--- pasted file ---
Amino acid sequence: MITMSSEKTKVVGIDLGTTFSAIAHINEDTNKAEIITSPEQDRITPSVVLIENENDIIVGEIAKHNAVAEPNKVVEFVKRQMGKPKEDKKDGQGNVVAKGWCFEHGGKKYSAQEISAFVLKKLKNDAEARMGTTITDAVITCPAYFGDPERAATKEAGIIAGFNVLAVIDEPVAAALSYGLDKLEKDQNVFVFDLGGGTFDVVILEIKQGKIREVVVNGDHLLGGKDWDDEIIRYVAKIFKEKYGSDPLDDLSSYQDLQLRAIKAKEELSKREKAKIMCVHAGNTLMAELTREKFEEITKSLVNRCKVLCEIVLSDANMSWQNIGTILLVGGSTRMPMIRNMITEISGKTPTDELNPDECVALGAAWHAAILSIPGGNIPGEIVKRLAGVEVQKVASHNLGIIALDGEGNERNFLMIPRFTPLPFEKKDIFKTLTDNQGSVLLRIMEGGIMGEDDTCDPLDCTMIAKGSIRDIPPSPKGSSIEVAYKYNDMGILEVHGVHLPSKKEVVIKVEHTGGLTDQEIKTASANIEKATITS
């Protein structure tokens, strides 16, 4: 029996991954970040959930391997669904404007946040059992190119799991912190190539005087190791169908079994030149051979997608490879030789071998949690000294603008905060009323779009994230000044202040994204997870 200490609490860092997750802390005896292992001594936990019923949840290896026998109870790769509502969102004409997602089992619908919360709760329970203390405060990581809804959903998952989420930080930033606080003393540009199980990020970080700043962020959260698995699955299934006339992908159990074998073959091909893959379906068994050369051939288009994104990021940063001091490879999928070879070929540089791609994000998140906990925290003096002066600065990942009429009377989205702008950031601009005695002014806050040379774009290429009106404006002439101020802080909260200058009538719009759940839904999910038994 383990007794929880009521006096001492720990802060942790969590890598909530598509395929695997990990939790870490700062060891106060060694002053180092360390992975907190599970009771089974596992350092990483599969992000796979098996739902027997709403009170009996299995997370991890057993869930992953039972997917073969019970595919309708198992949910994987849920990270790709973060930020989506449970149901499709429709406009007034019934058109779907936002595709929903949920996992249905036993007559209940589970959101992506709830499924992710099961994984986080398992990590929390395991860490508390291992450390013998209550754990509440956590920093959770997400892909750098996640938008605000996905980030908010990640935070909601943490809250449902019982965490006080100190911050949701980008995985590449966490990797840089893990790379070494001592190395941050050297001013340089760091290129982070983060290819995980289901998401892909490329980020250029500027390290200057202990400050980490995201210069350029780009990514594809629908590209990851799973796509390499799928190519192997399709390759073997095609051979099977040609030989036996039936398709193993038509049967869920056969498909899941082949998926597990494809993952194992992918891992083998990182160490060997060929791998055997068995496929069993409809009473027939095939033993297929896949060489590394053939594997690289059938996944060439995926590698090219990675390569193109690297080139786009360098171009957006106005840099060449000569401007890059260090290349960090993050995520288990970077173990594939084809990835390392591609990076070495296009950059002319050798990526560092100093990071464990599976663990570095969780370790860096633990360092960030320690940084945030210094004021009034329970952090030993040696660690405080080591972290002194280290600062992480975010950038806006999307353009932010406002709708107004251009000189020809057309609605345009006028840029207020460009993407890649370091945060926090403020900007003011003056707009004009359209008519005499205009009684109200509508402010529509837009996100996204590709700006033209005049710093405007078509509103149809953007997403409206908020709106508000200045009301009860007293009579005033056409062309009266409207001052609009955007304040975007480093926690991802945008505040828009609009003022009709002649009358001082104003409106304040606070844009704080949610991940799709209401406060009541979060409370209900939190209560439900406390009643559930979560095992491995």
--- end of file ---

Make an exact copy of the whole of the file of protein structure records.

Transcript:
Amino acid sequence: MITMSSEKTKVVGIDLGTTFSAIAHINEDTNKAEIITSPEQDRITPSVVLIENENDIIVGEIAKHNAVAEPNKVVEFVKRQMGKPKEDKKDGQGNVVAKGWCFEHGGKKYSAQEISAFVLKKLKNDAEARMGTTITDAVITCPAYFGDPERAATKEAGIIAGFNVLAVIDEPVAAALSYGLDKLEKDQNVFVFDLGGGTFDVVILEIKQGKIREVVVNGDHLLGGKDWDDEIIRYVAKIFKEKYGSDPLDDLSSYQDLQLRAIKAKEELSKREKAKIMCVHAGNTLMAELTREKFEEITKSLVNRCKVLCEIVLSDANMSWQNIGTILLVGGSTRMPMIRNMITEISGKTPTDELNPDECVALGAAWHAAILSIPGGNIPGEIVKRLAGVEVQKVASHNLGIIALDGEGNERNFLMIPRFTPLPFEKKDIFKTLTDNQGSVLLRIMEGGIMGEDDTCDPLDCTMIAKGSIRDIPPSPKGSSIEVAYKYNDMGILEVHGVHLPSKKEVVIKVEHTGGLTDQEIKTASANIEKATITS
């Protein structure tokens, strides 16, 4: 029996991954970040959930391997669904404007946040059992190119799991912190190539005087190791169908079994030149051979997608490879030789071998949690000294603008905060009323779009994230000044202040994204997870 200490609490860092997750802390005896292992001594936990019923949840290896026998109870790769509502969102004409997602089992619908919360709760329970203390405060990581809804959903998952989420930080930033606080003393540009199980990020970080700043962020959260698995699955299934006339992908159990074998073959091909893959379906068994050369051939288009994104990021940063001091490879999928070879070929540089791609994000998140906990925290003096002066600065990942009429009377989205702008950031601009005695002014806050040379774009290429009106404006002439101020802080909260200058009538719009759940839904999910038994 383990007794929880009521006096001492720990802060942790969590890598909530598509395929695997990990939790870490700062060891106060060694002053180092360390992975907190599970009771089974596992350092990483599969992000796979098996739902027997709403009170009996299995997370991890057993869930992953039972997917073969019970595919309708198992949910994987849920990270790709973060930020989506449970149901499709429709406009007034019934058109779907936002595709929903949920996992249905036993007559209940589970959101992506709830499924992710099961994984986080398992990590929390395991860490508390291992450390013998209550754990509440956590920093959770997400892909750098996640938008605000996905980030908010990640935070909601943490809250449902019982965490006080100190911050949701980008995985590449966490990797840089893990790379070494001592190395941050050297001013340089760091290129982070983060290819995980289901998401892909490329980020250029500027390290200057202990400050980490995201210069350029780009990514594809629908590209990851799973796509390499799928190519192997399709390759073997095609051979099977040609030989036996039936398709193993038509049967869920056969498909899941082949998926597990494809993952194992992918891992083998990182160490060997060929791998055997068995496929069993409809009473027939095939033993297929896949060489590394053939594997690289059938996944060439995926590698090219990675390569193109690297080139786009360098171009957006106005840099060449000569401007890059260090290349960090993050995520288990970077173990594939084809990835390392591609990076070495296009950059002319050798990526560092100093990071464990599976663990570095969780370790860096633990360092960030320690940084945030210094004021009034329970952090030993040696660690405080080591972290002194280290600062992480975010950038806006999307353009932010406002709708107004251009000189020809057309609605345009006028840029207020460009993407890649370091945060926090403020900007003011003056707009004009359209008519005499205009009684109200509508402010529509837009996100996204590709700006033209005049710093405007078509509103149809953007997403409206908020709106508000200045009301009860007293009579005033056409062309009266409207001052609009955007304040975007480093926690991802945008505040828009609009003022009709002649009358001082104003409106304040606070844009704080949610991940799709209401406060009541979060409370209900939190209560439900406390009643559930979560095992491995």